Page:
The classic mistake most younger people make is working for free as an intern, thinking that if they just prove themselves, management will recognize their potential and promote them into a real, full-time paying job.  By now you should understand that all they're going to recognize is that you're a fool who is so unprofessional, you'll get their coffee and not even ask to be paid for it.  The fact is that professionals are people who offer their services for remuneration. If you're not going to make money, you might as well go play in the park with your dog.

At least he'll appreciate you for being a wonderful guy.

Wednesday, September 04, 2019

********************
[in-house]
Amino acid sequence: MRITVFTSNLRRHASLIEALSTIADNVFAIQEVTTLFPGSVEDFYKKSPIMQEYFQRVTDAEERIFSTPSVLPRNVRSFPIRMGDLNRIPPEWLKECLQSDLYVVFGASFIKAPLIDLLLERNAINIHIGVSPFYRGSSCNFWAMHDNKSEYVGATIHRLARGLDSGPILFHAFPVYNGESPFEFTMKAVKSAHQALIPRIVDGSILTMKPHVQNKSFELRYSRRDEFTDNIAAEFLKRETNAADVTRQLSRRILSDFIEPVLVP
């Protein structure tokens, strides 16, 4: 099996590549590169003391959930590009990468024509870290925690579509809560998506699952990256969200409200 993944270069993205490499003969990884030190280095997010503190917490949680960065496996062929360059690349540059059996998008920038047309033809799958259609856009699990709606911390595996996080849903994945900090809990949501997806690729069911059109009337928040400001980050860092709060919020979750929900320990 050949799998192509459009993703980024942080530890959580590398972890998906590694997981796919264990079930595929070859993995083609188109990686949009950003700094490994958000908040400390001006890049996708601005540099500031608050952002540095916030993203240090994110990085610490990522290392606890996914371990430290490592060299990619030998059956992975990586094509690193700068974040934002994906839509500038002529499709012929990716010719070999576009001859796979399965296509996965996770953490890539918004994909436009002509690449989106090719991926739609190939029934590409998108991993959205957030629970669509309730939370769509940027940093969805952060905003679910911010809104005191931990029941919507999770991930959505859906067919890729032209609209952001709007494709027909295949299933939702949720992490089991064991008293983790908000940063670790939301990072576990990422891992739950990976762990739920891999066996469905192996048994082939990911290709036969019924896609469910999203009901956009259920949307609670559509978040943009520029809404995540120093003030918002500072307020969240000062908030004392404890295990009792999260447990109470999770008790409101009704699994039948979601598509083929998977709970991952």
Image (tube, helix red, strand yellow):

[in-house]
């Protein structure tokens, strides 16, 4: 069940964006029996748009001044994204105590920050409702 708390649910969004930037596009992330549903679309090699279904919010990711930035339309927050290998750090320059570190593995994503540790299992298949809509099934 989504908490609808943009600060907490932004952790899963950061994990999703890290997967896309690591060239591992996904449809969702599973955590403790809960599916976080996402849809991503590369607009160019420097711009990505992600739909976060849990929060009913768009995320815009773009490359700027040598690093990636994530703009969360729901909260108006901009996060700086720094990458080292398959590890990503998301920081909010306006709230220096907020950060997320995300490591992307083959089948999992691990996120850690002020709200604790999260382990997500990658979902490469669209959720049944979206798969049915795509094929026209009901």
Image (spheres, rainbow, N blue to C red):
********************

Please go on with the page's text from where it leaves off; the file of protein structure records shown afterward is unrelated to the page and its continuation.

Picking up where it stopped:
The End of Globalists

Years ago, I marveled at my grandfather's lifetime, in which he witnessed all kinds incredible events. He was alive to see the first powered human flight, automobiles, the invention of radio and television, two world wars, medical breakthroughs, the fall of monarchies, the rise of republics, the first moon landing -- too many to list here.  It was a span of time I reckoned could never be duplicated in terms of its historic dynamics.

Clearly, that was a major underestimation, because the turn of this century is every bit as dynamic as was the turn of the last, if not more so.

It doesn't matter what your political viewpoint, the important thing to keep in mind is that things are happening and they're not little, insignificant events. The events of 9/11 in New York City were, metaphorically and literally, the starting gun of a massive shift in global activity. And if you don't know your history, you may not know what's about to happen, so here's how it likely will play out: